The State Government has standardised the ground water “make good” obligations applying to mining and gas tenement holders.

Previously, there have been different approaches under the mining and gas legislation when a bore is adversely affected by a mining or gas project.

As the gas industry developed in Queensland, the Water Act 2000 was amended to include:

  • the need for an underground water impact report and baseline assessments to be carried out for landholders’ bores;
  • ongoing reporting requirements; and
  • importantly, an obligation on a gas tenement holder to enter into “make good” agreements with landholders whose bores would be adversely affected.

Generally, “make good” agreements can be used to ensure that a landholder is provided with compensation from a tenement holder by way of a replacement bore, compensation or a mechanism to purchase the landholder’s land if the volume or quality of water drawn from a landholder’s bore diminishes. Such agreements can be used to ensure that the rights of landholders are established before the development of the project.

However, the obligations set out in the Water Act 2000 only applied to tenements issued under the gas legislation and did not apply to mining projects. Under the mining legislation, tenement holders were instead required to obtain water licences for the use of water associated with the mine project and were not required to enter into “make good” agreements in advance.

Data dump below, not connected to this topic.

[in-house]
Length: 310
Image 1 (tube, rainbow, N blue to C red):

Earlier this year in the case of Hancock Coal Pty Ltd v Kelly and Department of Environment and Heritage Protection (No 4), the Land Court imposed additional “make good” obligations on a mining tenement holder by expanding the scope of the Environmental Authority to include additional bores which were not originally caught by it. This practice of “make good” agreements being included as a condition of an Environmental Authority had become commonplace and the Court’s decision highlighted the inconsistency between the approaches seen in the gas industry and the mining industry on the same issue.

The new amendments to the Water Act 2000 make both mining and gas tenement holders subject to the same “make good” requirements and provide the Land Court with clear jurisdiction upon which to deal with “make good” agreements between gas or mining tenement holders and landholders.

Thynne + Macartney welcomes the amendments which will commence early in 2015 and has significant experience in assisting landholders to negotiate “make good” agreements.

Click here to download a full copy of the Agribusiness December 2014 Newsletter.

This information is intended to provide a general summary only and should not be relied on as a substitute for legal advice.

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